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Wet Noodle Posse | Blog

Tuesday, July 22, 2008

Pitch the Pitch! by Delle Jacobs

I promised last week I'd tell you a new way of managing your editor and agent appointments, but it's taken me a little longer to put it together than I expected due to the fascinating job of coordinating the Royal Ascot. But here it is.

Are your knees knocking like a drum roll at the thought of pitching to an editor or agent at national? I know how you feel. Been there, done that, never going back. Not that I don't do editor/agent appointments-- I do. But I refuse to pitch.

Like a lot of authors, I dreaded more than anything the annual ritual of pitching at national, but it seemed like the only way I could get my toe in that fast-slamming door. I was a nervous wreck. I made awful mistakes. I swear to you, I couldn't find my business card when it was right in my hand! And I went through four years of this. Finally, I was sitting in an interview across from a pleasant, pretty young editor and I suddenly realized she had to be younger than my youngest daughter. And I was afraid of her? Clearly something had to change.

What I did was pitch the pitch. I had to completely eradicate that word from my vocabulary. I was a professional woman who often appeared before judges in courtrooms, going head to head with some very aggressive attorneys and winning more often than they did because I knew what I needed to do and was prepared with a strong case. I wouldn't have taken the case to court if I didn't have my evidence. I had confidence in myself and the work I was doing. I needed to have that same approach in my interviews.

I decided I was a professional author making a presentation. I was interviewing the editor or agent, just as she was doing with me. I had no business behaving like a groveling, begging idiot. . I was not pitching. I was giving a professional presentation. So I designed my presentation according to those lines. Persuasion, just as in a courtroom, depended on presenting factual evidence in a package that attracted and held attention long enough for it to impress its audience and get its point across. No judge would have listened to me if I had tried to approach him the way I approached an editor.

First, I realized that most editors simply cannot follow the usual spiel, no matter how hard they try. We make it impossible for them to listen. That's because we go about it backwards, trying to cram our entire story into a short interview, and talking so fast they couldn't follow the words even if we weren't boring them to death. And to really drive home our point, we refuse to lose eye contact even long enough to blink. Imagine being in the editors' seats. Eeek!

Okay, but how do we get it across then, when we only have eight minutes? Or worse, two? The answer is, we don't. There is no way we can. Nor should we even try.

Instead, I went the opposite direction. How could I capture just the essence of my book? I thought of back cover blurbs. They grab the idea and the hook in just a few sentences. Back then, nobody talked about High Concept, but that was essentially what I was seeking. I decided if I can't put it on the back of a business card in readable size print, it was too long.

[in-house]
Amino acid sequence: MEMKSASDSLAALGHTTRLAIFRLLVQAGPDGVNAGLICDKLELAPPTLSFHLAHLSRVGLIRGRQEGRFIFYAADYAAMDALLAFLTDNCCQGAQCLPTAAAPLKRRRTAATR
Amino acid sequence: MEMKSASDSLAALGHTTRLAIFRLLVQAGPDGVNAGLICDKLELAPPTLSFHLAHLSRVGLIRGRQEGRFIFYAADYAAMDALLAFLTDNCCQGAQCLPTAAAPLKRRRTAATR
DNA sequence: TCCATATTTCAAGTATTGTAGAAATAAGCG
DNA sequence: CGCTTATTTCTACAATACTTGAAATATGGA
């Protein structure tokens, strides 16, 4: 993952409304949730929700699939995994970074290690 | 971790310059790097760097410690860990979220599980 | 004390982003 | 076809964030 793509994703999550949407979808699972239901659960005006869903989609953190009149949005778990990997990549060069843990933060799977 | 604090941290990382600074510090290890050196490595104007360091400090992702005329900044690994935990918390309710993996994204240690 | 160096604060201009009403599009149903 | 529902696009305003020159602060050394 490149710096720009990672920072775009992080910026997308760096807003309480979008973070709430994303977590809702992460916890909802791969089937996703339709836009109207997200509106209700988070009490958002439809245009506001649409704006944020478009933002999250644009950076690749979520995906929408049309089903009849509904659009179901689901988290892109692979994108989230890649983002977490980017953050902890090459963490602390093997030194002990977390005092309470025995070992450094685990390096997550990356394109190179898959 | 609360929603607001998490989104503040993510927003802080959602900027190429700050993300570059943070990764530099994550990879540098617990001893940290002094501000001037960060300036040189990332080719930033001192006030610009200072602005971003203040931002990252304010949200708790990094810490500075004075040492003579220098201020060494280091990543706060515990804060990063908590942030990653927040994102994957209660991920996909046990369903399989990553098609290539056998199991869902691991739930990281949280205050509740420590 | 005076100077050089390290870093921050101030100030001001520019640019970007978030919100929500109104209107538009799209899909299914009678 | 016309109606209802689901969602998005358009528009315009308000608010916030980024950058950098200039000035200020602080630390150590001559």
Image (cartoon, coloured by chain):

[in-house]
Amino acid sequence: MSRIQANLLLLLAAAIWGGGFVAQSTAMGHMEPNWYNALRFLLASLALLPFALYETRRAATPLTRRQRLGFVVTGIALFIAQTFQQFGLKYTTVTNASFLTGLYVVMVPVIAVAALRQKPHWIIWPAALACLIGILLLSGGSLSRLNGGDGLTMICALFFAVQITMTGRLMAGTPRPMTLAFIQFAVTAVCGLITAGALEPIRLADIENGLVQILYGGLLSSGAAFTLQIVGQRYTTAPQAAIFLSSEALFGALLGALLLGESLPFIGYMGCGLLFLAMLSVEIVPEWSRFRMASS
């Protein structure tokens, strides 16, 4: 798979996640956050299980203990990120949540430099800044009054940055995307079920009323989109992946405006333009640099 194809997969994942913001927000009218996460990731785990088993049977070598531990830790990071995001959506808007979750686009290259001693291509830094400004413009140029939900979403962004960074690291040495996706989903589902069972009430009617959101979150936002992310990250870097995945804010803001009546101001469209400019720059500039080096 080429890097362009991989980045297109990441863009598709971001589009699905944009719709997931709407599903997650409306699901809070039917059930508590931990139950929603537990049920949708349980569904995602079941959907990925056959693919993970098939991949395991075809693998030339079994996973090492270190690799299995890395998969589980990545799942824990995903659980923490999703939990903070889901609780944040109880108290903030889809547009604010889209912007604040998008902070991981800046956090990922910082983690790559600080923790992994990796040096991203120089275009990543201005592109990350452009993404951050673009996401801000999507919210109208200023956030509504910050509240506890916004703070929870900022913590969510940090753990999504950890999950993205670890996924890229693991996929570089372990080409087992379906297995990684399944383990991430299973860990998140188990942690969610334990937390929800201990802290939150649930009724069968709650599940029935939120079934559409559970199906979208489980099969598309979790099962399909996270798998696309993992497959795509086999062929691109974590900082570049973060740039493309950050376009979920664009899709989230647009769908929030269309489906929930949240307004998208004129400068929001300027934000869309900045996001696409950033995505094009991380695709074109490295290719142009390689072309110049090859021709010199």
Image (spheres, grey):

Here's one of my very early versions, actually from a card for the published book, but the principle is the same: Get your message across quickly in an intriguing way.

Some others I've done:
THE MUDLARK: The only thing they have in common is their grim determination not to marry each other.

HIS MAJESTY, THE PRINCE OF TOADS: Q: How many kisses does it take to change a Toad into a Handsome Prince? A: We'll never know. Sophie's lost count.

APHRODITE'S BREW: What was supposed to be a restorative tonic for women turns out to have an entirely different effect on men-- and the bachelors of the Ton are running scared.

Here's one I put on the front of the card for LADY WICKED:

And here's my current back blurb for my recent release, SINS OF THE HEART:

You don't have to go to the extent I have in the past, developing a card for each available manuscript with a unique face for each one. Just put your short blurb on the back of your regular business card. Put a few in your pocket and have them handy to give to that editor you chance to meet at your table or in the elevator.

The good thing about putting these blurbs on cards is, if you're losing focus, all you have to do is glance at them to pull yourself back on track.

The next thing to do is to be prepared to answer the questions an editor wants most to know:
1. Who are you? Why should she consider publishing you? In other words, something very basic about your credentials.
2. What kind of story is it? Genre, word count, etc.
3. Who are your hero/heroine? What makes them unique and intriguing?
3. What do they want? (What are their goals and motivation?)
4. Why can't they have it? (What is the conflict?)